We are absolutely thrilled that Calgary author, Ace Jordyn, is a finalist for the 2017 Aurora Award for Best Short Fiction, with her delightful folk-tale, “When Phakack Came to Steal Papa, a Ti-Jean Story”.
Voting for the Auroras begins in July, and the winners will be announced at HalCon in September. By paying the $10 voting fee, members of CSFFA will be able to read all the nominated works before they cast their ballot.
Many believe that science fiction originated with Jules Verne, but science fiction as a genre is older than that. With exploration and the spread of humanism, we have the emergence of science fiction in Thomas Moore’s Utopia published 1516, in which a perfect island nation is depicted. Later, Anton Francesco Doni published a book I Mondi. In 1623, Thomas Campanella wrote The City of The Sun. After the publication of Galieo’s map of the moon, Ben Jonson wrote a masque for the court of James I called Newes For the New World Discovered in The Moone in which there are moon people riding in clouds. In Francis Godwin book in 1638, the antihero Domingo Gonsales visits the moon in a carriage towed by geese using the technology of another world. This was the first time any author used anything like this. In 1648, Samuel Gott’s first novel, Nova Solyma, is set in the future. The author Margaret Cavendish wrote The Blazing World in 1666 in which there is another world attached to one of the earth’s poles.
The British Science Fiction Association Awards have been announced. We are pleased to see the names of two authors previously published in On Spec, Jaine Fenn (winner Best Shorter Fiction category) and Aliya Whiteley (short-listed in Best Shorter Fiction category).
Jaine’s story “The Path to the Sun” appeared in On Spec in 2002 and Aliya’s story “To the Farm” was in our Winter 2015-16 issue. Congratulations to both authors!
If you look at the Current Issue page on the website, you will see a beautiful cover by Saskatchewan artist Joel Hustak. Kevin Cockle and Marcelle Dubé and Suzanne Church make a return to our pages, and we are pleased to present new names to On Spec readers: Meghan Casey, Ashley Mullins, Christine S.R. Jackson, Brent Nichols, and William Squirrell. Poetry by Emeniano Somoza and Michelle Chen, interviews by Roberta Laurie and Cat McDonald, and an editorial by Barb Galler-Smith complete the issue.
Copies are available by mail, or from Variant Edition Comics & Culture and Happy Harbor Comics in Edmonton. We will be at upcoming events such as the Royal Bison Craft Fair in Edmonton (May), Vul-Con in Vulcan, Alberta (July) and the When Words Collide festival in Calgary (August). Digital versions of many of our issues can be obtained through Weightless Books.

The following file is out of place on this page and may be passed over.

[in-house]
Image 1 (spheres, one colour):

The new issue of On Spec is currently at the printer, so our subscribers should be receiving their copies early in March. We have a beautiful cover by Saskatchewan artist, Joel Hustak, with new fiction from Marcelle Dubé, Meghan Casey, Ashley Mullins, Christine S.R. Jackson, Brent Nichols, William Squirrell, Suzanne Church, and Kevin Cockle. An editorial by Barb Galler-Smith, poetry from Emeniano Souza and Michelle Chen, along with interviews by Roberta Laurie and Cat McDonald.
As 2016 comes to a close, we at On Spec want to thank our loyal readers and subscribers for their ongoing support. Thanks go out also to the wonderful people who purchased seasonal gift subscriptions for their friends and family members. We are looking forward to new opportunities to bring On Spec to a wider audience in the coming year.
We would like to take this time to remind you that our free Teacher Toolkit is available for download. If you are or if you know a middle-grade English or Language Arts teacher, we offer a complete lesson plan to teach the story “Space Monkeys” by Ryan M. Williams.
From all of us to all of you, our very best wishes of the season! Peace and goodwill to all.
After a long gap, we are once again ready to read new works of fiction. Between December 15, 2016 and January 31, 2017, you will be able to follow the link on On Spec’s Submissions page, and send us your very best short speculative fiction for consideration.
With the disclaimer that On Spec is volunteer-run, and so nothing happens overnight, we will do our utmost to ensure your work is read with respect and care. If we can make any constructive comments on works that are declined, it means that we see some potential, but just haven’t the resources to work with you to make a story publishable. That’s your job.
Best wishes to you all for a peaceful and happy holiday season, as we celebrate the solstice in our own ways.